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Title: Effects of organic and inorganic amendments on soil organic matter properties
Author: LIMA, Diana L D
SANTOS, Sérgio M
Rudolf Schneider
Armando Duarte
EDuarda Santos
Valdemar Esteves
Keywords: Soil amendment
Organic matter characterization
Issue Date: 2009
Publisher: Elsevier
Abstract: The aim of this work was to investigate the effects of long-term application of different organic fertilizers (sewage sludge, farmyard manure, compost) as compared to mineral fertilizer on the structure of the soil organic matter. Capillary electrophoresis was employed for the quantification of monosaccharides and phenolic compounds, whereas NMR and FT-IR were used for the overall characterization of the soils organic matter. Application of farmyard manure results in a higher content of organic matter derived from angiosperms, suggested by the higher levels of syringic and vanillic phenols. Spectroscopic studies show an increase of lignin and lignin-like products in the organic matter of the soil, which may be derived from the cereal straw supplied with farmyard manure. According to spectroscopic analysis, 13C CPMAS-NMR and FT-IR spectra, higher contents of methylene groups (– CH2) from proteins and protein-like compounds, as well as higher levels of carbohydrates, were found in the soil supplied with compost. The monosaccharide (rhamnose, xylose, glucose, mannose, arabinose, fucose and galactose) content was not significantly influenced by the different organic fertilizers, suggesting that the type of amendment used does not affect any of these six studied monomers. Comparing the three organic amendments the most significant differences were observed after long-term application of farmyard manure, with an increase in lignin and lignin-like products in the soil organic matter, and compost, which appears to contribute to an increase of protein and protein-like, as well as carbohydrates content on soil organic matter. The knowledge of such changes can be essential to understand the sorption and bioavailability of pollutants, as well as establish/ unestablish ways to recycling organic residues as organic fertilizers.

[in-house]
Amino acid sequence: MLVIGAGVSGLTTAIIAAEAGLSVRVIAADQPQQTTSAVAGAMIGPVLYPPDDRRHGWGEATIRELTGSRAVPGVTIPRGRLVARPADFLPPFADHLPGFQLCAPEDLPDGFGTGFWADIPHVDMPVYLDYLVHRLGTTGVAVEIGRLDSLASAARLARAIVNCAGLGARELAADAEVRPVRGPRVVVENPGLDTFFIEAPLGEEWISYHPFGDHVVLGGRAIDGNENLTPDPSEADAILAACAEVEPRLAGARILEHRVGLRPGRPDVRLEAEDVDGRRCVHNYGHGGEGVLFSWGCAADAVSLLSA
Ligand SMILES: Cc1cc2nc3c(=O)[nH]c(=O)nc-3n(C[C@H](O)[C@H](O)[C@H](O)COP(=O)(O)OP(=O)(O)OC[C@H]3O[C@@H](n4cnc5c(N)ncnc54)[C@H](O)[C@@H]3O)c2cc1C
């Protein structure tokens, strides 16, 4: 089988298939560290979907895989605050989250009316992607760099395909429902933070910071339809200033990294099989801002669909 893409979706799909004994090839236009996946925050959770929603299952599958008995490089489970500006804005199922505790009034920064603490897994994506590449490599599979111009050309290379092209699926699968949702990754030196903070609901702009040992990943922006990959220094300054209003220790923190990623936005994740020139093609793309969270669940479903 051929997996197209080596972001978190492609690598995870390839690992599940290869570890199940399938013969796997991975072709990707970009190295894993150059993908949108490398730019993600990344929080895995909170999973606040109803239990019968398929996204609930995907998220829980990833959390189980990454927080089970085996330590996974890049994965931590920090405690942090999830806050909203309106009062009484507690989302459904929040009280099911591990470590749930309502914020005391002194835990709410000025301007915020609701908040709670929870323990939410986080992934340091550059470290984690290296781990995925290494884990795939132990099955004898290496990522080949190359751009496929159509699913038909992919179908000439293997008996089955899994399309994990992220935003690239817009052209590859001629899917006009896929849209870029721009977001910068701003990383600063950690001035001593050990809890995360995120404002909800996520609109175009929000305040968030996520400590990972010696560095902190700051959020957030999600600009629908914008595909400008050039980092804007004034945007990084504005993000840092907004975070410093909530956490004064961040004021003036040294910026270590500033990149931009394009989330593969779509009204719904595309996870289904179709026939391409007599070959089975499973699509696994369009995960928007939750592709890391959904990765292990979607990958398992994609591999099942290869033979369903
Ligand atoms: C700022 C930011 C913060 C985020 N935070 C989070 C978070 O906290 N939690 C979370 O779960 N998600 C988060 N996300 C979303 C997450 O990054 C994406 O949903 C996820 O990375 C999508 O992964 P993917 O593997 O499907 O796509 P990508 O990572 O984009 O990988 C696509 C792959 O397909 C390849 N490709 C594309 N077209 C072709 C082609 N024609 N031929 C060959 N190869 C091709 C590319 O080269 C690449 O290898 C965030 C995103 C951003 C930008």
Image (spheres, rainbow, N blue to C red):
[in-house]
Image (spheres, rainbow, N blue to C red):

Peer review: yes
DOI: 10.1016/j.geoderma.2009.01.009
ISSN: 0016-7061
Appears in Collections:DQ - Artigos

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